What I said about landscapes and their boundaries, seems to be true in this picture in particular. Perhaps because I’m looking at it with fairly fresh eyes. I just found it on my hard drive, where it was quitely sitting, waiting to be noticed, aware of its own modesty I presume. That happens a lot. But this time, I had no doubt that my neglect was unjustified. I remember exactly where this photo was taken, more than a year and a half ago. Along the road from Coldfoot to Wiseman, Alaska. Coldfoot, some 60 miles above the arctic circle, was the end of the world for us. A pool of mud with a diner, a run down motel, a post office and a gas station. With a hired RV, there was no way we could follow the dirt road up north much further than that. So, before returning to Fairbanks, we spent a couple of days in the area, hiking, and driving to Wiseman, some 5 miles from the Dalton highway, along the Fork Koyukuk river. Wiseman is a small miners community, with a population of 14 in 2010. Founded by gold miners who left Coldfoot in 1919. Not a very spectacular drive. I didn’t stop the car to take this picture, I took the picture because we were not allowed to drive any further and had to step out anyway. It was a good day. Finally grasping some of the vastness of this area, and feeling free as a bird. A bit relieved, also, to have made it to this point. I guess we both had been a bit nervous about these last 100 miles leading up to Coldfoot. A narrow, bumpy road with soft shoulders, dirt and rocks flying around, and huge trucks thundering along.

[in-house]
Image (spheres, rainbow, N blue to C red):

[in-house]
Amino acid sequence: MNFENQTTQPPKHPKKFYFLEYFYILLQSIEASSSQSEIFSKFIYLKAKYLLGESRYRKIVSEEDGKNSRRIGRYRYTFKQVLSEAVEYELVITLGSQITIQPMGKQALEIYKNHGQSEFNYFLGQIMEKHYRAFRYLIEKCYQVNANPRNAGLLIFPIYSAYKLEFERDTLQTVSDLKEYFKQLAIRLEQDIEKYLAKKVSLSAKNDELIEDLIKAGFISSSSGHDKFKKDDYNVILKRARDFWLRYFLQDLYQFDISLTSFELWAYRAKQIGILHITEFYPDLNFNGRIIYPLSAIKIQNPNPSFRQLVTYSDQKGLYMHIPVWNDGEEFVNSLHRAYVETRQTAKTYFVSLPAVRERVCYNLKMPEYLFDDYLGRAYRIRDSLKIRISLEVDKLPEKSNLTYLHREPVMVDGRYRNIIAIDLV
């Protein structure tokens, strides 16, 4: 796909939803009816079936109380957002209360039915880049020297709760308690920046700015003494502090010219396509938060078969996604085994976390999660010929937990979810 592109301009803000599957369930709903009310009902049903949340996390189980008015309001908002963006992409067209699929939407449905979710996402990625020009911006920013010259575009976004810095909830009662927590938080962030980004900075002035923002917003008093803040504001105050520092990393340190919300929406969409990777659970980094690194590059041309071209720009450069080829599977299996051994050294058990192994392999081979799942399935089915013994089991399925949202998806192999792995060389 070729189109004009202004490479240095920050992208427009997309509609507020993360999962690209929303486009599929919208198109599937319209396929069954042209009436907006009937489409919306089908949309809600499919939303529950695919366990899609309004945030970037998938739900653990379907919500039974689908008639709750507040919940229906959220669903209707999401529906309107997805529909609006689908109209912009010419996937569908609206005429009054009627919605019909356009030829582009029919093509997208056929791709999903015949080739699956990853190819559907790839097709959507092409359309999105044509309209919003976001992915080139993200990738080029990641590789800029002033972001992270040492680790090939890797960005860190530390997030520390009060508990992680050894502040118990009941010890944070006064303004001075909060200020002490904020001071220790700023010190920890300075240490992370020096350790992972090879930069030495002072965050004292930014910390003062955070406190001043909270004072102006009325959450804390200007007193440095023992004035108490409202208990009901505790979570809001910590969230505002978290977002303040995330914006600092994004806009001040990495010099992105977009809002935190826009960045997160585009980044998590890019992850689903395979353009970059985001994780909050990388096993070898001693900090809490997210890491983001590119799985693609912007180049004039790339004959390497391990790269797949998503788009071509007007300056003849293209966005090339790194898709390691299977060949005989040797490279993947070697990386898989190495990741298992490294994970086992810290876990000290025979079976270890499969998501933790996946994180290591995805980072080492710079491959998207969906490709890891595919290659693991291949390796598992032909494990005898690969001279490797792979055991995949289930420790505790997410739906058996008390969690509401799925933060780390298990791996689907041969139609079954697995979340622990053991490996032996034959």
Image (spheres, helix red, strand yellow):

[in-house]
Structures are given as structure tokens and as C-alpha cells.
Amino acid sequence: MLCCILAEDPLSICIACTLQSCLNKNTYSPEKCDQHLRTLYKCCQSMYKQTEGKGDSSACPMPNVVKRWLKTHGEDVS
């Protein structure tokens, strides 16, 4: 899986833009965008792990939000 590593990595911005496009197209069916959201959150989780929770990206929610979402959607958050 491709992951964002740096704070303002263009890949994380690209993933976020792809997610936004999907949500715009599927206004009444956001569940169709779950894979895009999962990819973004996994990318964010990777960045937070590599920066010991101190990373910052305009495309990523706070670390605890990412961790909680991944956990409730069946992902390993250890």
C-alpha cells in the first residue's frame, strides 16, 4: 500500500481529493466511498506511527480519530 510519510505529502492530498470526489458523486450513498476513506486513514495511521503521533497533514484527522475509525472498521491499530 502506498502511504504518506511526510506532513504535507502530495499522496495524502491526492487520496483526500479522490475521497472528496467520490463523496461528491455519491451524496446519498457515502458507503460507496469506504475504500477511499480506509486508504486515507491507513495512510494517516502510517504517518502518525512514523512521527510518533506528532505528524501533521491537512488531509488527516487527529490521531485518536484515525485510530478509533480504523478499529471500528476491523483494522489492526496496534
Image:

When you look at pictures often enough, they sort of detach themselves from the time and place they were taken. I like that, how a photograph becomes its own thing, and not just a representation. But of course, it’s always both. Speaking of the boundaries of a landscape, I like to call it space, that invisible part outside of the frame, but one could also call it memories.